Sondra Zents v. Baylor Trucking Company
OPINION filed : AFFIRMED, decision not for publication. Jeffrey S. Sutton, Circuit Judge; David W. McKeague, Circuit Judge(AUTHORING) and Helene N. White, Circuit Judge.
NOT RECOMMENDED FOR FULL-TEXT PUBLICATION
File Name: 14a0058n.06
Case No. 13-3575
UNITED STATES COURT OF APPEALS
FOR THE SIXTH CIRCUIT
BAYLOR TRUCKING COMPANY,
Jan 23, 2014
DEBORAH S. HUNT, Clerk
ON APPEAL FROM THE
UNITED STATES DISTRICT
NORTHERN DISTRICT OF
BEFORE: SUTTON, McKEAGUE, and WHITE, Circuit Judges.
McKeague, Circuit Judge.
This case arises from Baylor Trucking Company’s
(“Baylor”) termination of Sonda Zents’ Independent Contractor Agreement after Zents was
involved in a preventable “DOT recordable” accident.
After filing a Charge of Discrimination with the Equal Employment Opportunity
Commission on September 14, 2011, Zents filed a complaint against Baylor Trucking alleging
that on December 8, 2010, “she was terminated because of her sex.” R. 1, Complaint at 2,
PageID # 2. Zents claimed that her dismissal was in violation of both Title VII of the Civil
Rights Act, 42 U.S.C. § 2000, et seq., and Chapter 4112 of the Ohio Revised Code. Id. Baylor
Case No. 13-3575
Zents v. Baylor Trucking
Trucking moved for summary judgment, arguing that Zents was an independent contractor, not
an employee, and therefore not protected by federal and state employment discrimination laws.
The magistrate judge1 granted summary judgment to Baylor on all claims. The magistrate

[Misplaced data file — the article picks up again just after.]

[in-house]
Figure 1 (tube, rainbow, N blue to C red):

judge held that, contrary to Zents’ contentions that her relationship with Baylor was an
employee-employer relationship, Zents operated as an independent contractor for Baylor. The
magistrate extensively addressed cases involving facts similar to the instant dispute and, after
applying the common-law agency test to determine whether an employment relationship existed,
concluded that Zents was an independent contractor and therefore not protected by federal and
state employment discrimination laws. Zents timely appealed.
After carefully reviewing the magistrate judge’s opinion, the briefs, and the record in this
case, we conclude that the magistrate judge did not err in granting summary judgment to Baylor.
As the magistrate judge correctly set out the applicable law and correctly applied that law to the
undisputed material facts contained in the record, issuance of a full written opinion by the court
would serve no jurisprudential purpose.
Accordingly, for the reasons stated in the magistrate judge’s well-reasoned opinion, we
The parties consented to the case being heard by a magistrate judge.
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